I do not believe you can keep others from providing a similar program to yours. You can copyright/trademark a name for a program and no one can use that name without your consent. And you can patent equipment designs if you can prove that the design is unique and not in existence. But to my knowledge it is not possible to claim the rights to teach a specific exercise. There are named cycling classes, but these programs can’t stop someone from teaching a stationary bike class. There are named kickboxing class formats, etc. But as long as I don’t call my class by a copyrighted name, I can teach anything I want. I could even by the same equipment if it is for public sale and use it in the class. I just can’t use the trademarked name to promote the class.
I could be wrongj, but that is my understanding of this topic. You might want to speak with a copyright/trademark lawyer about it.
Like Martin said, there is pretty much nothing you can do to keep others from teaching an exercise or a program without your consent. You can copyright a name or an equipment, but anyone can use the method or a similar equipment as yours and name it something else. You can write a book about it or start charging money to teach your program and idea to other trainers (or create a certification).
For example CrossFit or even a brand name like Orangetheory fitness. The principles and core philosophies behind these two commercialized ideas are not new. I used to be trained like a CrossFit athlete long before the name CrossFit came to the scene. And the philosophy and type of workouts/training Orange Theory is promoting I have been using to train clients long before it become a “philosophy” (which I’m sure the majority of the trainers who have been around for many years have also done). In other words, they are “old” news. I wish I could have thought of trademarking those workouts first with a clever name like their owners did and make a ton of money.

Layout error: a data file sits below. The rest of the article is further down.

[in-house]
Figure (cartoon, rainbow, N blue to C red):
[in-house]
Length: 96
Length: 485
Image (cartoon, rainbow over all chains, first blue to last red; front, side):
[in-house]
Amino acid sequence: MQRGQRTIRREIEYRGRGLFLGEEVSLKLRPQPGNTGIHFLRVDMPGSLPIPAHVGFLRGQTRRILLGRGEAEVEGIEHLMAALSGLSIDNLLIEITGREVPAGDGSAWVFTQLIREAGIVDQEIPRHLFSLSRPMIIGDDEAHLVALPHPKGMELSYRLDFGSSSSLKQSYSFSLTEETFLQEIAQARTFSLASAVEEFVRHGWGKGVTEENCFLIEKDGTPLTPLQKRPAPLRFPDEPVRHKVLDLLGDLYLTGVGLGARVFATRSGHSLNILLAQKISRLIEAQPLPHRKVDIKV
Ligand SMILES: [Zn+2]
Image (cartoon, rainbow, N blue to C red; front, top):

I’m with the others on this. Pretty much all the training methods you see today have been around for a long time. Except today, they just have catchy names attached to them. You can’t put a claim on training methods but you certainly can protect a name of a program if it’s not already protected legally by someone else. As Martin suggested, be sure to consult a trademark/patent attorney when that time comes. Good luck Mohamed.
Do you have a program that you want to sell to others, using your brand name? That, in my opinion, is the reason to trademark a brand name.
It’s very hard to copyright a workout. Dancers can copyright pieces of choreography, but it’s a long series of unique steps assembled in a specific order.
People use my dance choreography all the time, since I mentor other instructors. What they can never replicate is ME. It’s not just my moves, it’s how I deliver them, break them down, the energy I project, etc. So perhaps consider how much of your workout is your unique methodology and movements, versus how much is simply YOU. You may not need either a trademark or a copyright.